Frederick Forsyth and Lee Child hosted by the Daily Telegraph

One of the perks I got for subscribing to the Daily Telegraph/Torygraph was last night, when Mrs. Arbel and I spent an enjoyable hour in the online company of thriller writers Lee Child (of Jack Reacher series fame) and none other than Frederick Forsyth.

Left: Frederick Forsyth; right: Lee Child

The event was in honor of the 50th anniversary of the publication of The Day Of The Jackal: I’ve blogged here previously about its genesis. I would be hard-pressed to pick my one favorite fiction book — I’m not nearly as widely read in fiction as some of my online friends — but when it comes to thrillers, TDOTJ would be my #1 choice. I read it first as a teenager: it took very little suspension of disbelief to convince myself I was reading a ‘documentary’ about a failed attempt on the life of Charles de Gaulle, rather than a novel crafted with extraordinary and then-unprecedented verisimilitude.

The latter aspect was the most transformative of the genre: like you can date pop music “pre-Beatles” and “post-Beatles”, you can speak of pre-Jackal and post-Jackal thrillers. Lee Child would agree: he said the genre was ‘stale’ until Forsyth came along.

What did we learn from the hour-long, very amiable chat? (The moderator was doing a great job, BTW.) I already knew Forsyth was a veteran journalist who lost his job with the BBC over refusal to toe the Labour ‘party line’ on the Biafra War: high-flying literary prose was not as prized in that profession as careful research, and reliably being able to turn in clear, competent prose by the daily deadline.

Child, in contrast, came from a background in TV writing, which has its own exigencies.

Child described himself as a total ‘pantser’ (i.e., “flies by the seat of his pants”, just writes the book and evolves the story as he goes). Forsyth, in contrast, is a total plotter: as he puts it, he’d written the whole book in his head before he first sat down at the typewriter. So while the actual writing might go very fast (TDOTJ was written in 33 days), the books go through a very long ‘incubation period’.

The interviewer asked Forsyth if he ever used whiteboards etc. To keep track of characters and (sub)plot lines: Forsyth says he never bothers with these. While it’s evident to anyone who’s ever heard the man that he has a prodigious memory, an answer he left unspoken is: “if I can’t keep it all in my head, neither will the reader”.

A surprise to me was how much attention both writers lavish on their opening sentence. Specifically, to plant several questions in the readers’ heads and ‘hook’ them for the book.

It is cold at 6:40 in the morning of a March day in Paris, and seems even colder when a man is about to be executed by firing squad.

So we’re in Paris, and the novel begins with an execution, in a manner normally reserved for crimes against the state or the military rather than common crimes. What crime? Against whom?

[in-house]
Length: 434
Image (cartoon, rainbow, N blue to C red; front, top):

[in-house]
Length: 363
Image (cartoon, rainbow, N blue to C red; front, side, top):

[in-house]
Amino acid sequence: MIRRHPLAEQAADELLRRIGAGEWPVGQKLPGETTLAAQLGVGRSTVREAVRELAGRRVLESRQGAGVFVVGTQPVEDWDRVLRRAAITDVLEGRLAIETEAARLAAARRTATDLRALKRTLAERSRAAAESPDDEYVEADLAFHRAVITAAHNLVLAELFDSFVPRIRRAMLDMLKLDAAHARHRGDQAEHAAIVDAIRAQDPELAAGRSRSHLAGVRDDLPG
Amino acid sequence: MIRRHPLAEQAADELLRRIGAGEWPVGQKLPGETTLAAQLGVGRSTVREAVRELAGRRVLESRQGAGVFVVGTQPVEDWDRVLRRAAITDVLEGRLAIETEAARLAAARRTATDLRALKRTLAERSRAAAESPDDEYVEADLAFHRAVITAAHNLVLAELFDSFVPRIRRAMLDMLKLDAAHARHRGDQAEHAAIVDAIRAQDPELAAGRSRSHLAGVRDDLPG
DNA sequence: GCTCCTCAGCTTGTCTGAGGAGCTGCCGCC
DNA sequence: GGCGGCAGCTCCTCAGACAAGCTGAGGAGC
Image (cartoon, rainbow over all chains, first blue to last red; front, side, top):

Forsyth said that if a book hasn’t grabbed him in 50 pages, he gives up reading it, and he assumes so will other readers; Child ruefully commented that this ‘reader patience’ has gotten shorter and shorter with time, until with today’s readership you have 1-2 pages at most, so best to have a good ‘opening hook’.

Child does most of his research remotely; Forsyth believes in visiting locations he is writing about. At age 75, he visited Mogadishu (accompanied by a minder/bodyguard with special forces experience): the one thing about the place that hit him hardest was the smell, which he would never have gotten from books or the internet.

At age 80, his wife wouldn’t allow him to visit perilous places anymore, and he’s done all he can with the thriller genre, so now he’s settling down into a retirement of ‘playing with the Jack Russells and writing a weekly op-ed for the Telegraph’.

Child, on the other hand, is younger and definitely wants to continue writing novels — he just wants to retire Jack Reacher.

A great time was had by all. The only complaint of many online attendees was the poor audio from Forsyth — this is something the Telegraph staff could have prevented by sending over a staffer with a decent podcast microphone and, if necessary, a cellular modem.

And now I will have to check out Lee Child’s Jack Reacher…

2 thoughts on “Frederick Forsyth and Lee Child hosted by the Daily Telegraph

  1. I like Forsyth’s stuff. I still think The Odessa File is my favorite of his though. I was a teen when I read it, and totally didn’t get the personal connection between the hero and the guy he was chasing until it was spelled out towards the end. I wasn’t nearly as observant back then.

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